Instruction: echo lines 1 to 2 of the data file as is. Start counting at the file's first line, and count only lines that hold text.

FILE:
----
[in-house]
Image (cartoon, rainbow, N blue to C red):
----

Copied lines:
[in-house]
Image (cartoon, rainbow, N blue to C red):